Does your organization need big, transformative gifts to achieve mission success? If yes, then what will that take? Focus on both the art and the science of high-touch fundraising. High-touch fundraising creates development approaches and cultivation activities specifically customized and personalized to maximize fundraising results for each qualified individual major donor, corporation or foundation.
Personable and engaging executive directors and major gift officers who adeptly interact with major donor prospects and make the big asks are frequently celebrated for their art of high-touch fundraising. The results-delivering story of the proven science underpinning their artistry is much less well-known.
The most successful nonprofit organizations effectively use the power of science and structured processes for individual major giving, corporate giving and foundation giving programs. Deploying a well-defined, collaborative, team approach with clearly documented business processes has been proven to strengthen major donor relationships and create the fertile ground needed to get big, transformative gifts. Frequently, organizations simply assign major donor prospects to a major gift officer and don’t provide the explicit team structure and roles definition needed to enlist the active support of executives, board members and program staff in the cultivation of the donor and stewardship of their gifts.
Nonprofits raising the most money consistently adopt a moves management approach to high-touch fundraising. Think of moves management as a framework with stages focused on moving the relationship forward toward greater value. They almost always include these five key stages:
While there are proven practices in every stage, let’s focus on how to supercharge high-touch fundraising in the cultivation stage:
Success is built on teamwork. High-touch fundraising is a team sport built as broad and deep as necessary. You want to honor and nurture the fact that some of your most valuable donors and prospects have multiple relationships with your organization.
Gather those team members to develop a cultivation strategy which outlines the planned, strategic interactions to be taken to advance the relationship, knowing full well that these are not the only interactions that occur with a prospect. There are also passive and unplanned interactions initiated by your organization’s staff, as well as prospect-initiated interactions. On a weekly or a bi-weekly basis, hold 1- to 2-hour pipeline review meetings. Assign those team members clear roles and responsibilities that enables everyone to play an important role in cultivating that donor.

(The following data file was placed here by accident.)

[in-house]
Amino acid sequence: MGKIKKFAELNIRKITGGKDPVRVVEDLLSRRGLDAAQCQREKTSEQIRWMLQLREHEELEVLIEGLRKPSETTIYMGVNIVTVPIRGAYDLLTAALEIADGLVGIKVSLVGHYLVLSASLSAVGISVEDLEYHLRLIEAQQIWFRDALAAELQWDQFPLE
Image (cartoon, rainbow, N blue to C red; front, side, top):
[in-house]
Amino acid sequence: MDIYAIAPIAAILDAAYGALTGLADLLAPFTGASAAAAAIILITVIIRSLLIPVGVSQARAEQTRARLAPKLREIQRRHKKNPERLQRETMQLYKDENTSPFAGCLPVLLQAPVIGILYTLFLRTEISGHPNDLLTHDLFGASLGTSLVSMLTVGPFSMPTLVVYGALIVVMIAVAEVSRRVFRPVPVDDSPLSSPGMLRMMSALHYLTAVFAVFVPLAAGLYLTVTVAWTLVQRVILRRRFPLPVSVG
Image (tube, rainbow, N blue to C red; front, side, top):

Prioritize prospects based their capacity, inclination, and readiness to give. It is critical for staff to have all prospect information recorded in the fundraising/CRM system, so the appropriate reports can be generated and distributed in advance of each meeting.
Document what you know and what you do so your work lives on. Having a single repository of information about prospects/donors is a critical success factor for high-touch fundraising. The more you know about a prospect/donor, the more you can personalize their experience with your organization. Use research tools to gather data, and capture the personal details living in staff members’ heads – names of pets or family members, personal interests, life events to be recognized (e.g., birthdays, weddings), board member, staff, and other constituent relationships, even information shared in confidence. Then there is a record of staff work which remains as staff transition in and out of your organization.
Organizations that take the time to thoughtfully develop and deploy a common framework for pulling together cultivation teams, developing and documenting specific cultivation strategies for top prospects, and aligning their processes and systems to support these cultivation strategies are the ones who secure the transformative gifts needed to fund their ambitious programmatic goals.
Doug Barker, a co-founder and principal in Barker & Scott Consulting, will be speaking on Designing a Major Gift Cultivation Team, Strategy and Plan that Delivers Results at the Annual Bridge to Integrated Marketing & Fundraising Conference, July 31-Aug. 2, Gaylord National Hotel & Conference Center, National Harbor, MD, (adjacent to Washington, DC). Doug assists leading regional, national, and international nonprofit organizations with leveraging the power of information technology for organizational advancement and mission success. His expertise includes high touch fundraising, change management and constituent relationship management strategy and implementation.
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